This genus is named for the Greek phryne, meaning toad, and batrachos, meaning frog. This refers to their toad-like appearance.
The common name, puddle frog, refers to the fact that many species breed in temporary waterbodies, including puddles, roadside ditches, and ﬂooded grassy depressions, although some also breed in permanent bodies of water, such as ponds, lakes, streams, and rivers (Rödel, 2000; Channing, 2001; Channing and Howell, 2006; IUCN et al., 2006).
Puddle frogs (genus Phrynobatrachus) are found in diverse terrestrial habitats across sub-Saharan Africa. Species are small in size (most less than 30 mm), most often brown in color, exhibit a tarsal tubercle and lack webbing between the fingers. Most species may exhibit chevron-shaped glands in the scapular region, but the size and shape of these glands are variable. There are currently 82 species described (Frost, 2011).
This genus is present across mainland sub-Saharan Africa and is also present on the islands of Zanzibar (Unguja) and Pemba on the East Coast, as well as Bioko, São Tomé, and Príncipe in the Gulf of Guinea (Rödel and Ernst, 2002a,b; Frost, 2011).
The size and shape of the chevron-shaped glands of Phrynobatrachus are variable; they can originate and terminate in the scapular region or extend almost the entire length of the body (Zimkus and Blackburn, 2008). Only in some species exhibit circummarginal grooves on the manual or pedal digit tips; in some species, these furrows are found only on the longest digits (Zimkus and Blackburn, 2008). Extent of pedal webbing is variable among Phrynobatrachus species; it ranges from (0) absent or rudimentary with 3.0–4.0 phalanges free on toe IV, to (1) moderate to extensive with 0–2.9 phalanges free on toe IV (Zimkus et al., 2012).
Males of some species possess a nuptial excrescence or thickened pad of skin on the medial and dorsal surface of the first finger. Breeding Phrynobatrachus males have a single subgular vocal sac, which, when not distended, may form one or multiple folds, roughly parallel to the lower jaw, on the lateral margins of the throat (Stewart, 1967; Zimkus and Blackburn, 2008).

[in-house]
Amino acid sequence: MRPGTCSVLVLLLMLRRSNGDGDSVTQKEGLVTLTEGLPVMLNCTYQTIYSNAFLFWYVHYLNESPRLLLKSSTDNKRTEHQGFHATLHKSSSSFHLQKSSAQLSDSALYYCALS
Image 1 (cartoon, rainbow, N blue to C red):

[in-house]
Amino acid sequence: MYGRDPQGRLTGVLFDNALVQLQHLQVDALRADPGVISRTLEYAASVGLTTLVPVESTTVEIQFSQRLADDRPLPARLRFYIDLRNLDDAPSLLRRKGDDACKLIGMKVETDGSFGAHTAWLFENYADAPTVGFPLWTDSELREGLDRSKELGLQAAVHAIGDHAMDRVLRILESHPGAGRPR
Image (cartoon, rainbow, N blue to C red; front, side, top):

Adult snout-vent lengths (SVL) vary greatly, from as little as 12 mm in some miniaturized species to greater than 50 mm in the largest species (Zimkus et al., 2012).
Puddle frogs can be distinguished by the presence of a tarsal tubercle, inner metatarsal tubercle and outer metatarsal tubercle. The dorsum is most often brown in color with or without a mid-dorsal strip. The skin may be warty or smooth, and most species may exhibit chevron-shaped glands in the scapular region, but the size and shape of these glands are variable. Fingers lack webbing; pedal webbing ranges from absent to extensive. Pupils are horizontal.
Squeaker frogs of the genus Arthroleptis and puddle frogs of the genus Phrynobatrachus are distantly related but have been confused for more than a century and continue to be difficult for many to distinguish. Definitive characteristic that can be used to differentiate between them include the presence of an outer metatarsal tubercle and a tarsal tubercle in Phrynobatrachus. Arthroleptis only exhibits an inner metatarsal tubercle, which is also found in Phrynobatrachus. Arthroleptis generally have relatively wider heads than Phrynobatrachus (Zimkus and Blackburn, 2008).